- The Washington Times - Sunday, December 24, 2017

The NFL is approaching the playoffs looking for a ratings turnaround after a year of record-low television numbers.

Outcry over players protesting by taking a knee during the national anthem isn’t helping, but it’s only one of several reasons fans are turning away from professional football, media analysts say.

Injuries to marquee players such as Green Bay Packers quarterback Aaron Rodgers, teams with losing records in the nation’s largest media markets such as New York and Chicago, a glut of prime-time games, and viewers with other options have also taken a toll.

“I’d be stunned if any single factor contributed more than 2 percent to the ratings decline,” said Andrew Billings, director of the University of Alabama’s Sports Communication program.

But the decline is noticeable.

In week 15 of the NFL season, average television viewership fell 9 percent from the same week last season, according to Nielsen, which measures television audience sizes. Week 14 was 8.4 percent lower compared with 2016.

All told, the NFL is averaging 15 million viewers per game, compared with 16.6 million last year, Nielsen reported.

The anthem protests plagued the league all season long. They also escalated into a feud between the NFL and President Trump, who threatened to end the use of tax-exempt municipal bonds to build stadiums.

An early version of the Republican tax bill eliminated this perk for sports leagues, which a Brookings Institution study estimates to cost the federal government $3.7 billion in lost tax revenue. However, the final version of the bill, which Mr. Trump signed Friday, preserved the stadium construction tax breaks.

“The protests are the weirdest thing to measure,” Mr. Billings said. “There are a whole lot of people who say the protests keep them from watching, yet it is hard to fathom people are not watching their favorite sport because of something that is not even televised.”

Tumbling ratings are reflected at the national and local levels, where 25 teams are coming in lower than last year, according to Nielsen. In New York, the nation’s largest media market, ratings for the Giants are down 7 percent and Jets ratings have plummeted 37 percent. Viewership of the Dallas Cowboys has declined by 7 percent.

All three teams have struggled on the field this year. The Giants and Jets both occupy last place in their respective divisions, and the Cowboys, after having gone 13-3 in 2016, lost Sunday at home to the Seattle Seahawks, snuffing out their last playoff hopes.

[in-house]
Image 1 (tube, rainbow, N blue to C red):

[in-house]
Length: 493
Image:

Tom Richardson, a former NFL executive who teaches digital media at Columbia University’s Sports Management graduate program, said too many prime-time games have worn out fans’ appetite for football.

The addition of Sunday and Thursday night games, along with the traditional Monday night game, means prime-time games are no longer the events they once were.

“There is must too much product,” he said. “There is a massive amount of football on television, and it’s not as scarce as it used to be.”

One external factor the league can’t control is cord-cutting among younger viewers. More than 22 million viewers will have forsaken cable, satellite and network television this year, a 33 percent increase from 2016, according to research firm eMarketer.

The NFL has tried to adjust to the change by making game highlights available on social media services such as Snapchat. But it still means fewer eyeballs in front of the TV, avoiding the advertisers who pay heavily to have their commercials seen during NFL games.

Despite the league’s ratings challenges, Mr. Bilings believes the sport will not only endure, but also thrive. He said the sport is still popular and that some more recent problems, such as the protests, will be distant memories in a few years.

“I see it stabilizing,” he said. “In 10 years from now, it will survive the ratings issue and adjust to a new level of normal and their new normal is rosier than any other sport.”


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